The Post and Courier
July 18, 2013
Charleston's The Post and Courier reported "Despite S.C. regulations, Folly Beach property owners keep right to build seawalls to protect homes."
Attorney Mary Shahid represented Stacey and Bert Weiss. The couple, citing a Folly Beach exemption, "built barriers to protect their homes from storm tides." Reporter Bo Petersen continued:
"The DHEC board ruled that the homeowners were right — the state didn’t have jurisdiction because of the exemption.
What’s at issue is a line in the sand, or two of them. The state has jurisdiction seaward of a base line that is decided by distance from the mean, or average, high tide line. Folly is exempt because its beach is more severely eroded due to the Charleston shipping channel jetties....
'The line is a fixed line. It’s not a moving line,' said Mary Shahid, the Weisses’ attorney.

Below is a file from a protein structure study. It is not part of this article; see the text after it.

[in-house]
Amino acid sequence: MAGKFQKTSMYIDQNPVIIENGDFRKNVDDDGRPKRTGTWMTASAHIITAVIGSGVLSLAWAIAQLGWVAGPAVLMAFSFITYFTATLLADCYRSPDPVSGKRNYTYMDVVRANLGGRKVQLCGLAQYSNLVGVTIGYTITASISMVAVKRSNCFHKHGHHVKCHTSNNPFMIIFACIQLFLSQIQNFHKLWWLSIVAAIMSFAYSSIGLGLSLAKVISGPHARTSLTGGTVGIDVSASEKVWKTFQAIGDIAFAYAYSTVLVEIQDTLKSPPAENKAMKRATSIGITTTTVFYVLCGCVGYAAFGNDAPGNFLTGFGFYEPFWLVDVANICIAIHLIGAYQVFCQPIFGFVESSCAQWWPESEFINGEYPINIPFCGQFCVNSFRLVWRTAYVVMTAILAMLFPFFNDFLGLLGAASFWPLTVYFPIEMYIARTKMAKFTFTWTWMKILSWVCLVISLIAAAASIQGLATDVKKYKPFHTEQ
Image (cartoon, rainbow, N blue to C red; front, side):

About 30 properties along the beach are immediately affected by the ruling; fewer than a dozen do not have sea walls yet, Shahid said."
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Mary Shahid brings extensive real-world experience to her environmental law practice. Prior to entering into private practice, she was Chief Counsel of Office of Ocean and Coastal Resource Management (OCRM) for the South Carolina Department of Health and Environmental Control (SCDHEC). Ms. Shahid also served as General Counsel for the South Carolina Coastal Council, the agency that became OCRM.